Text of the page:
Creating security for your awards program

by | Aug 27, 2019 | Articles

An interview with Award Force Technical Director Kirk Bushell


Read the interview below with Award Force’s Technical Director Kirk Bushell to learn about how to add security to your program, and what Award Force is doing to ensure your program’s security and integrity. Want to learn more security for your application management system? Watch the Award Force Academy webinar.

Kirk Bushell 

Carl (Award Force Academy): We all know security is important and have an idea of what it is, but, if I’m being honest, it’s kind of a big grey area for many of us. We hear things like data encryption, SSL, ISO, GDPR, PCI DSS, and a lot more; but what does it all mean?


I’m delighted to introduce you to my good friend and colleague, Kirk Bushell, Award Force Technical Director. Hi Kirk!


Kirk: Hi Carl, how are you doing?


Carl: Great, thanks. Thank you for joining us today and taking the time to discuss a few things about how and what Award Force is doing in terms of security. If I can jump straight in, I have a few questions.


Kirk: Not a problem.


Carl: Fantastic. In regards to encrypted data, award programs using Award Force are also using SSL by default. How does this help users of Award Force? And what type of confidence can they walk away with because of this?


Kirk: That’s a really good question, Carl. SSL is there by default, as you mentioned, and what this does for our clients and users is to ensure a better security implementation across all requests on the platform. What this means is that, with SSL enabled, there are certain attacks that are impossible to achieve. For example, a man-in-the-middle attack. The platform actually enables this protection by default. What this means is that you can’t actually create any sort of connection with our services without SSL. If you try to connect to our platform without SSL enabled, it simply blocks the request, which is really great for security.


Carl: Fantastic. The General Data Protection Regulation, also known as GDPR, was introduced to protect European citizens back in May 2018, but how does this affect people outside of the EU?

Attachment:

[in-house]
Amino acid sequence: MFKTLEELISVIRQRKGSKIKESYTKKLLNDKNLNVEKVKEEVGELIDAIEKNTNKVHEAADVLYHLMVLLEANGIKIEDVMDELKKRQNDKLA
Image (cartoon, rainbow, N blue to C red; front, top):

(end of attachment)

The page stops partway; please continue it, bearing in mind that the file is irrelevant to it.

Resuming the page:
Kirk: Another really great question. The first thing is that, although GDPR was developed inside the EU for EU citizens, it does actually have wider implications for anyone operating outside the EU that services EU customers. For example, if an EU citizen is accessing the Award Force stack from outside of the EU, we still need to apply the same feature set and protection as they would if they were inside the EU. Because the GDPR is really quite a good piece of legislation in helping to ensure user privacy and security at a fundamental level, we have championed that cause even though we are an Australian company. We’ve ensured that all of those regulations are met with a number of features we have implemented in the platform today.


Carl: Excellent. What has Award Force done to provide our clients with the options they need to safeguard themselves and their user-base?


Kirk: Another really good question. So, Award Force is a data processor, and this means that what we need to do according to regulation is to ensure that we have all the features in place to make sure our clients and program managers have the relevant features and requirements to facilitate things such as user deletion requests.